He lay on the floor, clutching at his leg, surrounded by blue jumpsuits and gaunt faces.
Peter’s face appeared silhouetted against the flashes of white, leaving dark shapes behind him like stills made of shadow. “Up. Now.”
He clamored up, leaning on Peter’s arm for support, and together they pushed through the flock of dazed Burners who did not stop them.
“Sorry about that,” Peter said.
“Hope you can drive a transport better than that.”
Around them, rows and rows of machines filled the cavernous room like reflections in opposite mirrors, and they glimmered red in the lights. It seemed they would never end. Mixers, compressors, massive ovens, endless conveyor belts, and many other machines that Ben could not name filled the vast emptiness.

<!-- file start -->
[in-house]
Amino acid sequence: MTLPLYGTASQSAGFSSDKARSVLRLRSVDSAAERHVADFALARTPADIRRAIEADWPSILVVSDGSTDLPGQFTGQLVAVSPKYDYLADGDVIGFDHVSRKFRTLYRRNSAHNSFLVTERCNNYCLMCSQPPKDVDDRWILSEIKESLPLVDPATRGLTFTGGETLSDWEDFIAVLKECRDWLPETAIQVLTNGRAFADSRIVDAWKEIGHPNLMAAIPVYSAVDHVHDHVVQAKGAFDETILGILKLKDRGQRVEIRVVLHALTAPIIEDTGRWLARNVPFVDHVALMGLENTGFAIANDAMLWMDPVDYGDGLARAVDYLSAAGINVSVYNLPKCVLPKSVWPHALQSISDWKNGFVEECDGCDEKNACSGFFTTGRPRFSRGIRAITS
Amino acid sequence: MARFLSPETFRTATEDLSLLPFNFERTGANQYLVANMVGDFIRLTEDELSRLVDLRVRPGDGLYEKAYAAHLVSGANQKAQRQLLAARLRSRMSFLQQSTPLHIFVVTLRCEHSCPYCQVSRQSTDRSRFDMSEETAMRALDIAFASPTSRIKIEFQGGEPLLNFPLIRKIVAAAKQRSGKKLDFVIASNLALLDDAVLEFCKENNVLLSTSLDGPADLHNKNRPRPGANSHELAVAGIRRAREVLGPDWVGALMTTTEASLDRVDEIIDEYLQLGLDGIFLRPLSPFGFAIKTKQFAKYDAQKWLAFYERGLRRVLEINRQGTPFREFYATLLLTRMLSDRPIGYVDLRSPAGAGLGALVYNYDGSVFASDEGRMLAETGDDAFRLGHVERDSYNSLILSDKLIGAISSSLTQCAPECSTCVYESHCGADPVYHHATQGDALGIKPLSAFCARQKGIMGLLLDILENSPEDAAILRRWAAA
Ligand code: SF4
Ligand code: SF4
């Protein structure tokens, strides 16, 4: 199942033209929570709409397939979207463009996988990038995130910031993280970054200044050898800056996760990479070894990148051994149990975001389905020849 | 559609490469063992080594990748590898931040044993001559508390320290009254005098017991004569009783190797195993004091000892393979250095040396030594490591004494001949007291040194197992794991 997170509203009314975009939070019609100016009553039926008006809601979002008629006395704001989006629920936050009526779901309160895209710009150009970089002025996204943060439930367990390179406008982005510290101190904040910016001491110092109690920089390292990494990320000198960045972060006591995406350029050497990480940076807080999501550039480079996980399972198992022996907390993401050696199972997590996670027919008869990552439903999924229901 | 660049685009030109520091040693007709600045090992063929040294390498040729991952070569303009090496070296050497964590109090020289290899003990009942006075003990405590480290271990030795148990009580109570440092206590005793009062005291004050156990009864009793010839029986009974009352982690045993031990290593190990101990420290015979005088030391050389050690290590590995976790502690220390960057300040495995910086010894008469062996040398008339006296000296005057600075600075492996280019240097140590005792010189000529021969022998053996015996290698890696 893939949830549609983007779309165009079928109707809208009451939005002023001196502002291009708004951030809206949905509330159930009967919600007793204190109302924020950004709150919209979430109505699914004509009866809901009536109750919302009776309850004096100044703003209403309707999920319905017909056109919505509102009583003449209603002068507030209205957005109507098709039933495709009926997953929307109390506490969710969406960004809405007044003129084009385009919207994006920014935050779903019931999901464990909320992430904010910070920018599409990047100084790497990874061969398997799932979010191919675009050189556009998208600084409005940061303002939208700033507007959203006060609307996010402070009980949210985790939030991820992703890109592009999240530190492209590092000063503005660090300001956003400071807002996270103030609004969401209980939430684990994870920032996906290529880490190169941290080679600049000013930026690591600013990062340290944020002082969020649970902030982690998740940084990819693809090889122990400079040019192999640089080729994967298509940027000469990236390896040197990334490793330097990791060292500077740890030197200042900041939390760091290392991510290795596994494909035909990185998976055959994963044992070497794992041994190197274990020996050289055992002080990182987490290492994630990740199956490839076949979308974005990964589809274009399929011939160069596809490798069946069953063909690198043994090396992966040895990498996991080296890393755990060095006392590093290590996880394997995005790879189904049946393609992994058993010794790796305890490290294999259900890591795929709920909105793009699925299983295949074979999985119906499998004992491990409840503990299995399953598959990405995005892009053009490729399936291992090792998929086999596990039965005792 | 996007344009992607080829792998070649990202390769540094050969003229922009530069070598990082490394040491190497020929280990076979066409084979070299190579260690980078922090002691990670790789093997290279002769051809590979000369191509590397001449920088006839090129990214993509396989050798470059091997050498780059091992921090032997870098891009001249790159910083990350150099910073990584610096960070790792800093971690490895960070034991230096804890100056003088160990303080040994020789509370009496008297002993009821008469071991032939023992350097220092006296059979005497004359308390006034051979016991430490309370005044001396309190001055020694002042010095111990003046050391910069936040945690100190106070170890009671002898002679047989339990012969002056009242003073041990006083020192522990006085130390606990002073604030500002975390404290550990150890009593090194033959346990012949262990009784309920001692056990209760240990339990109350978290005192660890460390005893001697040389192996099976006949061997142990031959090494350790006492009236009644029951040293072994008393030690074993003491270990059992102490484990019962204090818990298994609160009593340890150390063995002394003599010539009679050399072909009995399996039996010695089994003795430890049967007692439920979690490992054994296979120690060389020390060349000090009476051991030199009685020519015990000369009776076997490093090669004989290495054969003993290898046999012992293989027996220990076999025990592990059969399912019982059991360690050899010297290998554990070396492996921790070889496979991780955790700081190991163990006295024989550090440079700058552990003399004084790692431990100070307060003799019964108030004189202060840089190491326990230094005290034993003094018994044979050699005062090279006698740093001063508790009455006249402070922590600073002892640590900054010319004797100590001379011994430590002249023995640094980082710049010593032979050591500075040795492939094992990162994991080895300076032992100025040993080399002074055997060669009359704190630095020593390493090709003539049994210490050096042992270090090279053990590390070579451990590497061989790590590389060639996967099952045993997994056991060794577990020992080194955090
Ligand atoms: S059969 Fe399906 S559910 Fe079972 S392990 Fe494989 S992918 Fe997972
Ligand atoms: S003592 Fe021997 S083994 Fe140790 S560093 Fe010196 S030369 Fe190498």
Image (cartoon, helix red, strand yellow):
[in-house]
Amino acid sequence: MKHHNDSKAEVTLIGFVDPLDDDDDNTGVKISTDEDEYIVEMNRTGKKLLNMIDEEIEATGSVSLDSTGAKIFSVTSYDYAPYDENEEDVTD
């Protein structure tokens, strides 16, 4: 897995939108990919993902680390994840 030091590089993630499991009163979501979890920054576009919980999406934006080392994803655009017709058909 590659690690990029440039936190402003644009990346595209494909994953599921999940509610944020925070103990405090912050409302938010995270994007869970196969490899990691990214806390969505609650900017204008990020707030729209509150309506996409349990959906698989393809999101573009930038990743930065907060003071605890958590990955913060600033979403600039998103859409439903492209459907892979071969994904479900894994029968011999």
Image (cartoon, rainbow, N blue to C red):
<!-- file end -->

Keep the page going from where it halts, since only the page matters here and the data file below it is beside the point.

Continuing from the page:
There were warning signs everywhere. Warning. Flammable Contents. No Open flames. The ceiling high above them crisscrossed with walkways and ladders and stairs to reach the tops of the larger machines and vats like highways into the sky.
But it was the blue-clad workers that terrified him. They just stood there. Hundreds of them, just standing still. The higher dose of the Calm was evident in their eyes, glassy and empty, and Ben shivered at their blank expressions. He tried not to notice their sunken faces and the dark rings under their eyes.
“There it is.” Ben looked towards the transport bay. It was so close. If they ran for it, with Peter’s help, Ben could make it. He was sure he could. But fear’s white form stood out among the blue Burners, and she followed him. Stalked him.
Suddenly, all the workers turned and faced the exit, leaving Ben and Peter the only ones in a crowd of hundreds who did not turn. A thousand eyes stared past them to the doors behind, and the workers began filing past them towards the exit.